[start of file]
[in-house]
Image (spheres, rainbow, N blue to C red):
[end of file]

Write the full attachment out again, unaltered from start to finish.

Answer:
[in-house]
Image (spheres, rainbow, N blue to C red):